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Growing a Publishing Company
It Start with an Imprint
Every Company Needs One
If you are going to have a publishing company, you need an imprint or logo. Mine was designed by my niece. There are people who will design logos for you. Shop around.
Mine is derived from a nickname of mine. While I can no longer have a house surrounded by lilacs, I still love them. They don't grow well in the south, however that is an entirely different pots. It is used on every book or ebook my company puts out and it defines me to some extent.
You want your logo to reflect and help brand you. It is part of branding. You will build your brand as you write. Find a logo/imprint you love and don't want to change.
Find a Great Design Team
Every Publisher Needs Good Designs
I have partnered with Blue Harvest Creative as my design team. I cannot tell you how wonderful a partnership it has been. They do my interior artwork, my covers, and have helped with my branding. Yes, I pay them. I have a flat fee for what they do. They send me my books ready for publication and in ebook format. Things I have no experience in. And they always are the most professional looking books.
Covers help with branding. Advertising gets you out there. Blue Harvest Creative has gone above and beyond to get me into contests, advertising, and branding.
You have to have good designers or your books will not look professional. I can't tell you how much difference having branding has made in sales. Shop around or ask me for a referral.
Adding New Authors
I Stepped Out on a Limb
I contracted with a new author. I have to tell you I was scared to death. What if I failed her? What if I was wrong and her book didn't sell? What if it turned out to be a nightmare?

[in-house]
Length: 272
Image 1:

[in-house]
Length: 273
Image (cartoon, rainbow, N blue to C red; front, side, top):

I was lucky, none of the above happened. Doris Plantus became the first author on my team Her novella Sihastrul has been published in both English and Romanian. It took off like a rocket. I was shocked. I was happy for her. I was ecstatic for Lilac Publishing and me. I could do right by someone. I'm hoping she has more to write.
I have stepped on the proverbial limb a second time. I am about to send Death Wind to my design team at Blue Harvest Creative. (justaddblue.com). The author of this book is 92 years old and legally blind. She has been a delight to work with. I have some other stories of hers to look over and find the ones we will publish.
In the wings are two up and coming authors. I can hardly wait for them to have their books ready for publication. Do I still have butterflies when I consider taking on a new author? I sure do. Do I go over the contract with them thoroughly? Oh, yes. I want no one feeling cheated. I prepare a year end statement giving them a look at the sales, my share of the royalties, and what they actually earn. I'd like to do it so I can give them a monthly print out. Getting things to that point will take a different managing system.
Will I Take on More Authors?
What a huge question. I want to take on as many as I can. I look for quality work. Just because you submit to me does not guarrantee you get published.
Here is my biggest problem. If I take on too many and have to do hours of editing, I have no time for me to write. I don't have the means right now to take on an editor. I'm not making enough money yet to pay my bills without running into my own accounts.
I want to continue writing. I have just tapped into the children's book genre and I am getting huge reviews and a big following who is clammering for more. I'm working on the fourth book in a series and I know there will be a fifth. Between the fourth and fifth, I want to write some other things; spin-offs from some of the series, children's books an some other novels.
So, yes, at some point I will take on more than four authors. I hope they will all be successful. As I move into more expansion, I will eventually need staff. I understand all this. But first and fore most, I need to be able to do my own writing.